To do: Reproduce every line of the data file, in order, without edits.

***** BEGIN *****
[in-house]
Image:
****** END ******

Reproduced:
[in-house]
Image: